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Pain with Intercourse

NetWellness receives many questions about pain with intercourse. Also called dyspareunia, pain with intercourse is a common problem for women of all ages. At some point in life most women have experienced some form of pain during intercourse ranging from mild to severe and occurring once, occasionally, or for long stretches of time.

If you are experiencing pain and are concerned about the cause of it or seeking a resolution to the problem it will be helpful for you to determine where exactly the pain is originating from. This can assist you and your healthcare provider in determining what may be causing the pain and deciding how best to treat it. Here is a list of common causes of specific kinds of pain with intercourse:

Vulvar Pain (felt on the surface/outside of the vagina)

  • Pain can occur when some part of the vulva is touched. The vulva may be tender or irritated from using soaps or over-the-counter vaginal sprays or douches. Other causes include scars, cysts or infections.

Vaginal Pain (at the opening of the vagina)

  • Vaginal dryness. The most common cause of pain inside the vagina is lack of moisture. This can occur with certain medications, with certain medical conditions, or because you are not aroused. It can occur at certain times of your life such as during or just after pregnancy, while breastfeeding, or near or after menopause.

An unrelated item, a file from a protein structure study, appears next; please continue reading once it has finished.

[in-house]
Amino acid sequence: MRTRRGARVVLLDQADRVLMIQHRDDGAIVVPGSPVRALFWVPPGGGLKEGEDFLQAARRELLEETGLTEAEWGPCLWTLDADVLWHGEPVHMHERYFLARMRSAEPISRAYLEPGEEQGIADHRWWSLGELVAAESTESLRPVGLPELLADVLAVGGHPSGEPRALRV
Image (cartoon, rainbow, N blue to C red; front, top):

• Vaginitis. This is an inflammation of the vagina. The most common symptoms of vaginitis are discharge, itching and burning of the vagina and vulva. Vaginitis has many possible causes, such as yeast or bacterial infection. In addition, this can occur if the lining of the vagina becomes irritated after being in contact with an irritant such as soaps, detergents, perfumes, etc.
  • Vaginismus. Vaginismus occurs when there are involuntary spasms of the muscles at the opening of the vagina. It causes pain when your partner tries to enter the vagina. In some cases, vaginismus is present the first time a woman hasĀ – or tries to have – sex. It often follows some traumatic event such as a forceful act of intercourse, painful pelvic exam or even the fear of becoming pregnant. The muscles spasm, narrowing the entry into the vagina and causing pain during intercourse.

Deep Pain (can occur in the lower back, pelvic region, uterus and bladder)

Pain that starts deep inside may be a sign of an internal problem. Pain that happens when the penis pushes and moves the pelvic organs can have many causes:

It is very possible that the cause of your pain is physical but for many women there is an emotional component that is either contributing to pain during intercourse or amplifying pain from another source. Many women suffer from mood disorders or have been victims of sexual or emotional abuse. This needs to be treated at the same time other physical causes are investigated. If this is the case, your healthcare provider can refer you to different specialists who can help you.

Because this condition is so common there is no reason not to consult your healthcare provider if you suspect something is wrong. You may find treatment for the physical cause of your pain, you may discover the early stages of a more serious condition and get a chance to start treatment early, and you may be able to improve the quality of your sex life. All of these large benefits make it worth the effort of a visit to your healthcare provider.

For more information:

Go to the Women’s Health health topic.